Johannesburg - The chief electoral officer, Mosotho Moepya, said 11% of the 22 263 voting stations opened late on Wednesday for the country's fifth democratic elections.
This A total of 2449 voting stations experienced delays in opening on Wednesday for the country's fifth democratic elections, the IEC said.
He said 2 449 of the 22 263 voting stations opened late because staff arrived late, voting materials were delivered late and buildings designated as polling stations were locked.
By 09:00 95% of polling stations were open and by 11:00 the final few were operating normally.
While Moepya said voting was proceeding "smoothly, peacefully and briskly", tensions had to be calmed in certain areas in Gauteng and the Western Cape.
Strong security measures were implemented at voting stations in a township in Springs and in Bekkersdal, where there had been arson attacks, as well as in Cape Town's gang-plagued Manenberg on the Cape Flats.
Military vehicles were deployed to Bushbuckridge, Mpumalanga, following ANC faction-fighting in recent weeks.
At the Evergreen informal settlement in Springs, State Security Minister Siyabonga Cwele urged residents to allow delayed voting to go ahead.
Some in the crowd swore at Cwele and shouted "The police will shit themselves today".
One young resident said: "Those who vote...we're going to find them at night".
Military and police officials patrolled Bekkersdal, west of Johannesburg, where two IEC tents were set on fire on Tuesday night and a police helicopter circled above.
IEC Western Cape electoral officer Courtney Sampson said that at a voting station in Barcelona, Gugulethu, a mediation team had been sent in to resolve a community dispute.
In Seshego, Limpopo, IEC officials and police had to intervene in a verbal altercation between Economic Freedom Fighters and African National Congress supporters at the Mponegele Primary School.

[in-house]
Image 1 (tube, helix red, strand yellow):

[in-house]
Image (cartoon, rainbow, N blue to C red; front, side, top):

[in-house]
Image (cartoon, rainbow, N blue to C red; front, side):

EFF supporters accused the ANC of lobbying for votes by handing out T-shirts.
EFF leader Julius Malema arrived later in the day accompanied by his grandmother. He said the free fashion offered by the ANC was not important as voters could not "eat [a] T-shirt".
Other political leaders and public figures were in a merry mood as they voted across the country.
President Jacob Zuma was welcomed by ululating supporters as he arrived to vote at the Ntolwane Primary School in KwaNxamalala, Nkandla.
"The results will be very good," he told reporters.
At St Paul's Church in Rondebosch, Cape Town, Democratic Alliance leader Helen Zille ditched her party's blue and white colours in favour of a purple coat, top, high-heeled shoes and necklace.
Agang SA leader Mamphela Ramphele arrived at the Sea Point, Cape Town, library voting station shouting "good morning citizens" before she voted.
Archbishop Emeritus Desmond Tutu cast his vote in Cape Town at the Milnerton High School. Walking with a cane, he declared that it was "wonderful, wonderful" to vote in a "relatively peaceful" country.
Meanwhile in Witbank, Mpumalanga, prisoners also exercised their democratic right, albeit with some confusion. At one point two inmates at the Witbank prison went into the same booth, before a prison guard separated them.
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